• My PhD investigates the role of digital media in optimising visitor engagement with non-visible outdoor heritage. Building on existing research regarding visitor engagement; this thesis proposes guidance to advise and support heritage practitioners and designers in the design, development and implementation of digital products to interpret heritage. The guidance includes a framework for engagement, defining the stages (process) and the states (experiences and behaviours) of visitor engagement. Visitor engagement is defined in this study as being a transformational experience in which the visitor’s emotional and/or cognitive relationship with the heritage is altered. Visitors featured in this study are people who are present at the heritage site, but may not be predominantly interested in experiencing the heritage of the location, consequently the guidance proposes a focus on both place-centred and user-centred design. The heritage site featured in this study is a public park with very little tangible evidence of the historical or cultural relevance of the location. A prototype digital product was created to help visitors understand and appreciate the period in the 19th Century when the park was used as the city’s Race Course and annually hosted horse racing. Mixed digital media, including sound, video and audio content were used to deliver location specific storytelling designed to immerse people who were on the park in the carnival atmosphere of the races. Findings from this study demonstrated that using the product had a positive impact in deepening people’s understanding of the park and their emotional connection to the location.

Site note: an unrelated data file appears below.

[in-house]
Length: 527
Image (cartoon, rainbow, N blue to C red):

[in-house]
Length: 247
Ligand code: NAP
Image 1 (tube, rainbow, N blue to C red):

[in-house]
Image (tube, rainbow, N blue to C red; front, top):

Mixable reality, Collaboration, and Evaluation. Erik M Champion